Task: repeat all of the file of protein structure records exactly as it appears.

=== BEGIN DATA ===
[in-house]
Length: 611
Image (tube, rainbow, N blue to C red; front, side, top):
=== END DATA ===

[in-house]
Length: 611
Image (tube, rainbow, N blue to C red; front, side, top):